15% of our children have special needs with the majority of them having learning disorders. It is important to enable inclusive education at all levels as this benefits all children, not just the disabled. Inclusion is not about success but about acceptance. It is important that we work together to achieve the National Education Blueprint targets of 75% inclusion for all children with disability by 2025.
1. True Inclusion
It is important that we have accurate data on inclusion. MOE currently quotes ~ 40% inclusion, but professionals and parents are aware that many of these children are not fully included and only partially included in mainstream education. The estimated real, full inclusion rate is much, much lower and has yet to meet the National Education Blueprint targets.
2. Support for Children and Teachers in Mainstream to Make Inclusion Happen
It is vital to grow our inclusion capacity in schools, especially by supporting teachers and children in mainstream. The Key Measures that work include:
a. Shadow Aide Programme – we require a national programme to support children as they enter and adjust to inclusive education. Parents can assist MOE to offer some of this support.
b. Individual Education Plan (IEP) as a tool to enable inclusion – we need to use the IEP as a tool to share with parents, doctors and therapists to enable inclusion to be established.
Currently very few teachers share the IEP or revise it periodically to meet the child’s needs. The IEP should not be an academic exercise but a real and recurrent dialogue with parents to set targets/goals with baseline and on-going assessments and reviews to see if objectives have been met.
c. Special Education Teachers should come to mainstream classes to support the children and teachers – The long term aim should be to markedly reduce special integration classes (pendididkan khas) and use the expertise of special education teachers to enable inclusion by working in mainstream classes and with mainstream teachers on a full-time basis.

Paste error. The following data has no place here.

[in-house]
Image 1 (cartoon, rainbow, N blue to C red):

3. Identify Children Early and Support them in the Pre-School Period
It is important the MOE work in the preschool area to screen for learning problems and intervene early (age 4-5 years). MOE, together with NGOs and MPA, should also support early inclusion into kindergartens and MOE pre-school classes.
4. Training of Doctors
The Ministry of Higher Education and MOH should push for standardised and mandatory training on childhood disability in all medical schools. Currently doctors that graduate are poor in their ability to do assessments for learning disorders.
5. Training of Teachers
There should be standardised and mandatory training on special education for all under-graduate teachers. A module on special education should also be incorporated into the routine in-service training for qualified teachers.
6. Accessibility in All Schools
All schools should have accessibility for children with physical disabilities. This is expensive and while we work to put in basic infrastructure, there should be selected schools in all cities/towns where enhanced accessibility is offered (e.g. lifts). In addition we should seriously adopt a Universal Design that incorporates accessibility in all new schools being built.
7. Revising the MOE KPIs to Support Inclusive Education
The current process appears to victimise rather than support children with learning disabilities as literacy KPIs exclude these children from normal class and put undue pressure on teachers and HMs. It is important to make inclusion one of the KPIs for schools – schools that practice inclusion should be given extra points in their overall performance. We should also reward and promote schools and teachers that implement innovative measures in their inclusive practices.
8. Teachers for schools-in-hospitals.
An additional request is for the MOE to look at sending qualified teachers to schools-in-hospitals for children admitted with chronic illnesses. These children should be able to continue at the same education trajectory despite being in hospital so they can cope when discharged.
9. Education for indigenous populations.
Some children of the indigenous people of Malaysia (in particular the Penan in Sarawak and Orang Asli in Peninsular Malaysia) require an education curriculum that is adapted to their way of life in the interiors of Malaysia.
Every effort should be made to train educators from amongst them to return to educate these communities in the interior. These educators can act as role models for the children to excel academically but at the same time maintain their highly specialised survival skills in the interiors of Malaysia. We also implore the Ministry to take note of safety of these children during their journeys to and from the schools.
10. Education for migrant & refugee children
There are 25,000 refugee children under 18 years but only 30% have access to community learning centres. Would the MOE consider allowing their premises to be used for the schooling of these children eg. afternoon sessions if the school is morning only sessions? Providing free/low cost text books and exercise books, ensuring they are taught the national syllabus by qualified teachers, allowing them to sit for certified public exams. Thus giving them a glimpse of a brighter future.